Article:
Fashion is used as a tool to convey a point about who we are or potentially want to be. Whether or not a civilian curates his or her own aesthetic is up that person, but it is an integral part of one’s public image. It can be used to reveal various aspects of yourself at various times, or even create something new all together. Maybe it’s feeling like a little “metallic blueberry on creamsicle” for a campaign event, rolling up shirt sleeves to suggest easy confidence, or an Air Force One “mulletting” a la Ronald Reagan, a presidential man repeller who effectively took the reputation of a hair style and turned it into a mode of dress.

Rosie Assoulin, a fashion designer who has dressed Oprah — a figure as prominently recognized as Clinton — recently asked me where the humanity is in fashion. “People use clothes as a tool, but often to lie to the world about themselves,” she said. And she’s right: fashion can be honest, it can be aspirational, and it can lie. Of course, everyone, presidential candidate or not, has the choice to engage using fashion. But that doesn’t quite detract from the voice of the clothes, which is what makes them interesting here — it’s politics.

Read next: Rand Paul Is the Most Interesting Man in Political Fashion

Leandra Medine is the founder of Man Repeller, a humorous website for serious fashion, and the author of Man Repeller: Seeking Love, Finding Overalls. She almost always wears her suit lapels popped.

TIME Ideas hosts the world's leading voices, providing commentary and expertise on the most compelling events in news, society, and culture. We welcome outside contributions. To submit a piece, email ideas@time.com.

TIME politics

How a Hug Jump-Started Marco Rubio’s Career

Marco Rubio
Joe Raedle—Getty Images Marco Rubio speaks about Cuba during a Cuban Independence Day Celebration at the InterContinental Hotel May 23, 2008, in Miami

The Florida Senator was helped along by a politically perilous PDA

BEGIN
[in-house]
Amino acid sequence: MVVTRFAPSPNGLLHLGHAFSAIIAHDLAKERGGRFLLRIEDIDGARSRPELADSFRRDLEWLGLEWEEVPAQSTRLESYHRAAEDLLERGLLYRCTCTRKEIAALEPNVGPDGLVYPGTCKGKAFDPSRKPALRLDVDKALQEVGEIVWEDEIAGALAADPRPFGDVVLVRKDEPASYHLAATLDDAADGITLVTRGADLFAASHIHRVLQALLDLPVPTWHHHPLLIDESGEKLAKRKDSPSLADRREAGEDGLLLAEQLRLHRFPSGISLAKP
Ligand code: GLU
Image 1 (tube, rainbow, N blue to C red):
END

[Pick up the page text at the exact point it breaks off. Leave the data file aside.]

Monday promises to be a big day for Marco Rubio: the Florida Senator has said that he’ll announce whether he plans to run in the next election, and for what.

It was only a little more than five years ago that Rubio took the big risk that brought him to the precipice of a potential presidential candidacy. He had spent nearly a decade in the Florida state legislature but, in mid-2009, was not in office. In mid 2009, Florida’s governor Charlie Crist seemed to have the race locked up to become Florida’s next Senator. Then, after Barack Obama won the White House, Crist appeared at an event with the new President and exchanged a hug.

Rubio, as TIME’s David von Drehle recounted in a 2010 cover story about the changing Republican party, saw his chance:

Another Florida Republican had a different idea. His name was Marco Rubio. He was the baby-faced former speaker of the Florida legislature. Well-wired Floridians knew that Rubio was thinking about challenging Crist for a seat in the U.S. Senate, and they also knew that this was quixotic because Crist had at least a 30-point lead in the polls, plus friends and money and endorsements from powerful Republicans around the country.

But Rubio saw an opportunity in that hug. If one possible Republican strategy was to embrace the Democratic spending agenda, surely there was a case to be made for opposing it. Rubio decided to “stand up to this Big Government agenda, not be co-opted by it,” and three months after The Hug, tossed his hat into the ring. The date was May 5, 2009.

Looking back, that was the day the 2010 election truly began–not just the campaign for a Senate seat from Florida but the broad national campaign for control of Congress and the direction of the country. Rubio’s decision to wage a philosophical battle for the soul of the Florida GOP was a catalyst for the surprising and outrageous events that followed. He became a darling of the nascent Tea Party movement and a point man in the movement’s purge of the GOP establishment. Rubio led the way for a dust-kicking herd of dark-horse candidates–some thoroughbreds, some nags. And most of all, Rubio symbolized the fact that this year’s midterms have become a referendum on such fundamental issues as the role of government and the size of the public debt.

Crist eventually dropped out of the Republican field to run as an Independent, but it was too late. Rubio won the Senate seat and was catapulted to the top rung of the Republican Party.

Read the 2010 cover story, here in the TIME archives: Party Crashers

Read next: Republican Candidates Didn’t Just Talk Guns at NRA Event